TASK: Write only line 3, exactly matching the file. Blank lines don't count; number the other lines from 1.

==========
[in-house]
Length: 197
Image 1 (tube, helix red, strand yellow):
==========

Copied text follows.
Image 1 (tube, helix red, strand yellow):